What Is Acceptance & Commitment Therapy?

Chronic pain in children and teenagers can lead to severe disability. This is particularly true when kids give up activities because the pain overwhelms them.

A recent study has shown that children and teenagers living with chronic pain have experienced less pain and better functioning after being treated with Acceptance & Commitment Therapy (ACT).

So what is it and where did it come from?

ACT is a development of Cognitive Behavioural Therapy.

“ACT commonly employs six core principles to help clients develop psychological flexibility:

  • Cognitive defusion: Learning to perceive thoughts, images, emotions, and memories as what they are, not what they appear to be.
  • Acceptance: Allowing them to come and go without struggling with them.
  • Contact with the present moment: Awareness to the here and now experience with openness, interest, and receptiveness.
  • Observing the self: Accessing a transcendent sense of self, a continuity of consciousness which is changing.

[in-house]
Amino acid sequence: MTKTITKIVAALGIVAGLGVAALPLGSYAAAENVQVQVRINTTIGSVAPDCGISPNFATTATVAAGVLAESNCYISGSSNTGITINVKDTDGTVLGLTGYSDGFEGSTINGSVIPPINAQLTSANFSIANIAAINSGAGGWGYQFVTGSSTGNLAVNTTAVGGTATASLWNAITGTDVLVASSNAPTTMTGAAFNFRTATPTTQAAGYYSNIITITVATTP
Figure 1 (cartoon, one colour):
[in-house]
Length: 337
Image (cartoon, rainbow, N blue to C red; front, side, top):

• Values: Discovering what is most important to one’s true self.
  • Committed action: Setting goals according to values and carrying them out responsibly.   Source:Wikipedia

The study was conducted by Karolinska Institutet, one of Europe’s largest medical universities and Sweden´s largest centre for medical training and research.

Rikard Wicksell who conducted the study is a researcher at the Department of Clinical Neuroscience at Karolinska and psychologist at the Pain Unit at the Astrid Lindgren Children’s Hospital in Solna.

In his study of  Acceptance and Commitment Therapy, the patient (children and teenagers in chronic pain) and the therapist together define long-term goals and the consequences of letting the pain control and restrict the patient in his or her daily life.

A central theme in ACT is to help the individual to identify valued life directions and start acting in those directions.

The results showed that the kids experienced pain less and were able to function better when focusing on a positive direction for their lives.

You can read more about the ACT in this 2007 paper published in Paediatric Pain Letter. You can also look at an abstract of the 2009 paper Exposure and acceptance in patients with chronic debilitating pain : A behavior therapy model to improve functioning and quality of life on the Karolinska Institutet website.

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